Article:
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  1. An Oblique Epistemic Defence of Conceptual Analysis.Alexander S. Harper - 2012 - Metaphilosophy 43 (3):235-256.
    This article argues, against contemporary experimentalist criticism, that conceptual analysis has epistemic value, with a structure that encourages the development of interesting hypotheses which are of the right form to be valuable in diverse areas of philosophy. The article shows, by analysis of the Gettier programme, that conceptual analysis shares the proofs and refutations form Lakatos identified in mathematics. Upon discovery of a counterexample, this structure aids the search for a replacement hypothesis. The search is guided by heuristics. The heuristics (...)
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  2. PHILOSOPHY AS NEGATIVE SCIENCE.Steven James Bartlett - manuscript
    Starting with Kant’s undeveloped proposal of a “negative science,” the author describes how philosophy may be developed and strengthened by means of a systematic approach that seeks to identify and eliminate a widespread but seldom recognized form of systemic and propagating conceptual error. ¶¶¶¶¶ -/- The paper builds upon the author’s book, CRITIQUE OF IMPURE REASON: HORIZONS OF POSSIBILITY AND MEANING (Studies in Theory and Behavior, 2021). ¶¶¶¶¶ -/- The author’s purpose is twofold: first, to enable us to recognize the (...)
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  3. Empiricism and Tensions with Chris Daly.Terence Rajivan Edward - manuscript
    In his review of Chris Daly’s book Philosophical Methods, Jonathan Jenkins Ichikawa debates with Daly over the value of using the word “tension,” which Daly describes as a weasel word. Ichikawa disagrees. I raise a worry that Ichikawa’s response will not convince Daly and try to help Ichikawa out. Then I outline a traditional empiricist objection to Daly.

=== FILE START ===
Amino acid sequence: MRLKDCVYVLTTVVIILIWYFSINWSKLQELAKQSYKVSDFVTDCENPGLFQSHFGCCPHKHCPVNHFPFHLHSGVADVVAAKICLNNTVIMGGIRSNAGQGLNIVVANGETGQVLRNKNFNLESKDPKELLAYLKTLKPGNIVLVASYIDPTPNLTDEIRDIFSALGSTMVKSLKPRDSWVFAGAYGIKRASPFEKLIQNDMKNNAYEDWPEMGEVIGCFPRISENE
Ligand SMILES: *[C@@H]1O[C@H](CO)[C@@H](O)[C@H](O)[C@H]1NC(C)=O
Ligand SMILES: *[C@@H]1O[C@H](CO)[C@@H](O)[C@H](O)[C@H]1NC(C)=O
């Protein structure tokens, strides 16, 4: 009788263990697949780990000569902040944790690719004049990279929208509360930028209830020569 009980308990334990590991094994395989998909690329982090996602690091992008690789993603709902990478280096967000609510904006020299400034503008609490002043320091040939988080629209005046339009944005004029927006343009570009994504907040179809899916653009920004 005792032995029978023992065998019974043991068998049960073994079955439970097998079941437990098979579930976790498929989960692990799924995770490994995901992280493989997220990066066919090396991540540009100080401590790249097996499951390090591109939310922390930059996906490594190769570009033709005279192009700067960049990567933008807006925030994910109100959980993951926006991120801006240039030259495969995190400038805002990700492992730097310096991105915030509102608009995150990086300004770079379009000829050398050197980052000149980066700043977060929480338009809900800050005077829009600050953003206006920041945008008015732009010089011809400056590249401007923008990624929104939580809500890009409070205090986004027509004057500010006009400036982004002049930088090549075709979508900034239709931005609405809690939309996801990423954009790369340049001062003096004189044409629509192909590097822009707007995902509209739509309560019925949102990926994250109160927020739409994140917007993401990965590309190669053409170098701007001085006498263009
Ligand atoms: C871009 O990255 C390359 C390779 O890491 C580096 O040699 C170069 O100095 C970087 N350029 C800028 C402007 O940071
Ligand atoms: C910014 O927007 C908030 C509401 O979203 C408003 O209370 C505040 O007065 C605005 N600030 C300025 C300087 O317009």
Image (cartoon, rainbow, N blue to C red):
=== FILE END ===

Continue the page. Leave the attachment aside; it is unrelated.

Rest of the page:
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  4. Philosophical Intuition and the Need for an Explanation.Alexander S. Harper - manuscript
    Traditionally, intuitions about cases have been taken as strong evidence for a philosophical position. I argue that intuitions about concept deployment have epistemic value while intuitions about matters of fact have none. I argue this by use of the explanationist criterion which contends that S is justified in believing only those propositions which are part of the best explanation of S’s making the judgements she makes. This criterion accords with scientific practice. Bealer suggests, as a defence of intuition, that naturalists (...)
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  5. A Conceptual Analysis of Fake News.Nikil S. Mukerji - manuscript
    In this paper, I offer a conceptual analysis of fake news. In essence, I suggest analysing this notion as a species of Frankfurtian bullshit. This construal, I argue, allows us to distinguish it from similar phenomena like bad or biased journalism and satire. First, I introduce four test cases. The first three are, intuitively, not cases of fake news, while the fourth one is. A correct conceptual analysis should, hence, exclude the first three while including the fourth. Next, I go (...)
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  6. The Counterexample Method and Armchair Philosophy.Peyman Pourghannad & Davood Hosseini - manuscript